The Minnesota Lottery’s pioneering use of online scratch-off tickets got a reprieve on Tuesday after state legislators displayed a rare glimpse of restraint in bringing down the ban hammer. In February, Minnesota became the first US state lottery to offer online instant win tickets via the Lottery’s website. Lottery officials justified the move as both a promotional tool to boost retail sales and a bid to lower the median age of the average lottery player, which was veering dangerously close to Methuselah territory.
But state legislators immediately rose up in opposition, claiming the online Spicy 7’s online scratchers were too reminiscent of online slot machines. Legislators outdid themselves accusing the Lottery of (a) overstepping its mandate and (b) conspiring to lure Minnesota’s youth into fiery pits of damnation. Late last month, the state Senate voted to ban all online Lottery sales – be they scratchers or run-of-the-mill draw tickets – by a margin of 55-2.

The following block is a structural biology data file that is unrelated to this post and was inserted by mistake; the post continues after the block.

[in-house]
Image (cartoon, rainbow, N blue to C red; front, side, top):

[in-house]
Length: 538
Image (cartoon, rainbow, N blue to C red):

Several House committees had also voted in favor of a ban. But on Tuesday, the full House opted to strip the anti-online Lottery provision from a broader gambling measure, for the time being, at least. Despite the reprieve, the issue is likely to resurface before the current legislative session ends on May 19.
Meanwhile, way down south, Scientific Games Corporation has expanded its deal with the Loteria Nacional de Beneficencia of Panama to offer the nation’s first online lottery game. Pega 3, a standard Pick 3 game, will make its online debut in June. Loteria director Ricardo Brooks said Pega 3 was the result of the company’s constant pursuit of “new ways to respond to our players and deliver the excitement of lottery with a high level of trust and integrity.” Hear that, Minnesota? You’re in danger of becoming less progressive than Panama.